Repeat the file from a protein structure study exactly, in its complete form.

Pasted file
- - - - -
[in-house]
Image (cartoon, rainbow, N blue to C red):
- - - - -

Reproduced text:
[in-house]
Image (cartoon, rainbow, N blue to C red):